Our favorite empanada stall in Vigan.

Stuart did a bit better and stood up a few times. After a couple hours we were tired of fighting the other surfers for the two feet of water where the waves were actually breaking, so we turned in the boards and just chilled for the rest of the day.

The jeepneys and tricycles are pimped out with lots of plated metal in Vigan.

The jeepneys and tricycles are pimped out with lots of plated metal in Vigan.

The next day we were sore. Really sore. Like Slip ‘N Slide sore. We rented boards again and hit the waves. I was determined to stand up but only lasted about 20 minutes – I did catch one wave, but they were much bigger and more frequent so I just kept getting pummeled. Stuart lasted about 45 minutes. No Mavericks for us anytime soon.

*     *     *

We fell in love with Vigan, which was quite appropriate considering we arrived a couple days before Valentine’s Day. The city was full of paper hearts, romantic dinner specials and even a two day festival. Vigan was the kind of city we were had been hoping to find: something small, quiet, relaxing with not a lot to “see”, but a good change to “be”. Spanish colonial buildings, cobblestone streets free of traffic, outdoor dining, horse carts, and delicious food (more on that later). The town was so charming that we felt happy just to just roam the streets and hang out in the local coffee shops and enjoy the atmosphere.

Horse carts waiting for customers; Scarves for sale.

Horse carts waiting for customers; Handmade scarves.

We spent a lot of time in Vigan eating. We snacked on popcorn and hot roasted nuts; Stuart tried Balut (hard boiled egg with a partially developed chicken fetus – gross!); and we discovered the best dish we’ve had in the Philippines: pork, egg and cabbage empanadas served with a chili and sugar cane vinegar dip – we ended up eating a couple every day. One place even had pretty decent pizza.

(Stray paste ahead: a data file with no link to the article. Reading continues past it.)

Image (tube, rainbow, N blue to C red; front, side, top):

Wooden sculpture; In search of a passenger.

Wooden sculpture; In search of a passenger.

The two-day Illoco (a region in Norther Luzon) festival featured local bands and a comedic duo from Manila. The bands were alright and the comedy act was in Taglolg – of course – but we understood two jokes: one he made fun of a mentally handicapped food vendor in the audience, and the other one (the only one he told completely in English) was about abortion – neither of them were funny to us but the crowd thought differently. The act also featured a fair amount of karaoke (what act in Asia doesn’t) and a sidekick that was either a transvestite or a really, really big woman.

*     *     *

Unfortunately, Our last night in the Philippines ended on a low note: the night bus to Manila. Night buses might be the worse thing about traveling in Asia. As if trying to sleep sitting up isn’t hard enough, there are bright lights, loud music, freezing cold A/C, frequent stops and constant horn blowing – all conspiring against you getting a wink of sleep. Earplugs only help bring the noise level down from unbearable to simply loud.

Nightlife in the Mestizo District.

Nightlife in the Mestizo District.

If you know me well, you know how grumpy I get when I can’t sleep. Usually I end up in tears, blasting my iPod with my “noise-canceling headphones” and cursing the country, the people, and the bus driver – praying for just one hour of sleep. These are the times when I start comparing Asia with Western society. I thought about how wonderful it is that people appreciate quiet, that there are whole train cars designated as “quiet cars”, and people would curse at the bus driver if he honked the horn all night.

A typical tricycle.

Shop in the Mestizo; Garlic for sale.

As much as I am trying to go-with-the-flow and take things as they are on this trip (and I think I have been pretty good at it so far) I will never, ever understand why sleeping is the last thing you’re supposed to do on a night bus.

2 Comments

  1. Was Tina really so grossed out by the banana ketchup that she needed a tissue between her hand and the jar?

  2. Love the shot of the Tricycle. Excellent sense of motion.